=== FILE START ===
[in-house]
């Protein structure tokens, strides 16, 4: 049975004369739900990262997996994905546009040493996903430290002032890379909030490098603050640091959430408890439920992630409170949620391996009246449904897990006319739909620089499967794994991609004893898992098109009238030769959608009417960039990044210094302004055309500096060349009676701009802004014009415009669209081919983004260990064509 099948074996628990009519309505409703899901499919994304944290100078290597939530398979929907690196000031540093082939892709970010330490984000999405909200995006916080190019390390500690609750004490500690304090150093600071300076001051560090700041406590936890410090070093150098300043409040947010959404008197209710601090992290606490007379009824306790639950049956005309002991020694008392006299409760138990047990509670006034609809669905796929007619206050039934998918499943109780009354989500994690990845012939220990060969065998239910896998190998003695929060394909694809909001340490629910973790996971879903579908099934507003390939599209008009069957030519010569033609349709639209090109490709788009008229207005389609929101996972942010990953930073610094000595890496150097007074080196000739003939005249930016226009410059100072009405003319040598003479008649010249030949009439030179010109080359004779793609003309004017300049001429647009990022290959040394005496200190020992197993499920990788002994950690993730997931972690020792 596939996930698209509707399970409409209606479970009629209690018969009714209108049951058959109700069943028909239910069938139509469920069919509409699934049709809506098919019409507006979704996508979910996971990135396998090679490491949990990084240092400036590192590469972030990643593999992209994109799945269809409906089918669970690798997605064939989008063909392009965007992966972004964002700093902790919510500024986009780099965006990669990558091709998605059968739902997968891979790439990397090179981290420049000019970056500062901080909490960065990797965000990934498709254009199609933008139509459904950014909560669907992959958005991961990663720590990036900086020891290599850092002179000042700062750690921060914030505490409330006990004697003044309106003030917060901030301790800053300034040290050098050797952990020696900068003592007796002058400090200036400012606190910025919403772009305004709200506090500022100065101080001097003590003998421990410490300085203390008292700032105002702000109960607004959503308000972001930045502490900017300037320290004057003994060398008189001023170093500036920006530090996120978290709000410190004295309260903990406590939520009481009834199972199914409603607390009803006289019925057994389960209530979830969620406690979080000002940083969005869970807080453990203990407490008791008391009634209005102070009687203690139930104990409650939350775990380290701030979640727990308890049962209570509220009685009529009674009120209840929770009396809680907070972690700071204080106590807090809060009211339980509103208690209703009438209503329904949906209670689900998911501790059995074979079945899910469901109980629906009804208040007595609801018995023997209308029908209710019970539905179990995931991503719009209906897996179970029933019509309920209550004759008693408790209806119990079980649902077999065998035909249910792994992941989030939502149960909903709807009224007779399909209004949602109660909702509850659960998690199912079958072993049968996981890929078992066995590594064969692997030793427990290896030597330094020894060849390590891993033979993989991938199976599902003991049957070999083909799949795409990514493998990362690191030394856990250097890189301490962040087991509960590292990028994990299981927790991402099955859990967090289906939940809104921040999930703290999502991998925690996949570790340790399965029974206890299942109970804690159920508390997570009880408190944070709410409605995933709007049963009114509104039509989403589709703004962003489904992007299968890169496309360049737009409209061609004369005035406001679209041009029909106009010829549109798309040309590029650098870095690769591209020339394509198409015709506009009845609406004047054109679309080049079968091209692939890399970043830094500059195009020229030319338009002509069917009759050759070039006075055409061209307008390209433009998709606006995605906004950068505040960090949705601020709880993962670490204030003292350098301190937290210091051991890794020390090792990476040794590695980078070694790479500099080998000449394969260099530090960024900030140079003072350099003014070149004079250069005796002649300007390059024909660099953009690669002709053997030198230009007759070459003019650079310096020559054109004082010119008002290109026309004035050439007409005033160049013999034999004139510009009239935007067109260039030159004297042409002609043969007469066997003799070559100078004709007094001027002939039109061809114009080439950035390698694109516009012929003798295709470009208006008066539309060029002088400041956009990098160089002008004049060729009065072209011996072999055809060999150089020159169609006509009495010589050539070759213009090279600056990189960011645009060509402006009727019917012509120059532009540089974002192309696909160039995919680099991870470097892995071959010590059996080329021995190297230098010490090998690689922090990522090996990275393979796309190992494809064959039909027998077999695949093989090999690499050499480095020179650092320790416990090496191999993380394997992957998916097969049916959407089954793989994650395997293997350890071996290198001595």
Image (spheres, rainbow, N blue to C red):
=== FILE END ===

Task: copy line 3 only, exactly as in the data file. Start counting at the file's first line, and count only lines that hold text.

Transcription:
Image (spheres, rainbow, N blue to C red):